There's a moment during every opening-night screening at the yearly Miami International Film Festival that brings the crowd of cinema aficionados and celebrities roaring to its feet — and it's not the movie.
As the credits roll, an orchestra of horns, drums, and strings booms right out of the walls of the Mediterranean-style Olympia Theater at the Gusman Center for the Performing Arts downtown. It rises into a powerful cacophony until the theater shakes like the inside of a tuba. The spotlight swings to the top corner of the box seats, illuminating a thin man pounding away at a massive, three-tiered stack of ivory keys.
That's Darrell Stuckey. He's one of an elite club of organists in the country who can command the theater-sized Wurlitzer built in 1926 to score silent movies. He's 76 years old — less than a decade younger than the organ itself — but he still mans the instrument year-round, playing ten days in a row at MIFF.
"It's still a thrill to play up here for a huge crowd and all these celebrities," Stuckey says. "There's not many places left in the world to play an instrument like this."
Stuckey huffs and puffs backstage as he hikes the steep spiral staircases of the Olympia — a gem packed with hand-carved details and a faux-night-sky ceiling. After the City of Miami cut all funding earlier this year, local businessman Herman Echevarria announced plans to save the place.
Stuckey knows his priceless instrument like a veterinarian knows the ins and outs of a prize horse. He pries open a wooden door hiding the whirring, ten-horsepower motor that pumps air through the miles of pipes, and then yanks himself up a narrow corridor to a roomful of metal tubes that replicate the sound of every instrument from a glockenspiel to a flugelhorn.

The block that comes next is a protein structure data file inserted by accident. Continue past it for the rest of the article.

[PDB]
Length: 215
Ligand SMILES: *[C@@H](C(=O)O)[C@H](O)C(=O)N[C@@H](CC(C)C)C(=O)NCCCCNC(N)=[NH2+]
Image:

He learned his craft young. Born in northwest Ohio, Stuckey worked for a local music dealer and spent a few years studying piano before he was drafted to fight in World War II. When he left the service, he began touring the country as part of an organ-playing duo called the Knights of the Organ. They played marches at Air Force bases and pop tunes at local music halls.
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Eventually, he and his partner settled down in Massachusetts and opened their own music supply shop. When he moved to South Florida in 1980, he began volunteering at the Gusman.
Since 1984, he's been the venue's full-time organist, playing before movies, scoring theatrical performances, and enlivening countless high school graduations. He has no plans to slow down — which is a good thing, because it's not clear who will step in when he leaves.
"A lot of young kids these days have never heard of an instrument like this," Stuckey says.
Edwidge Danticat | Madeleine Kirsh>>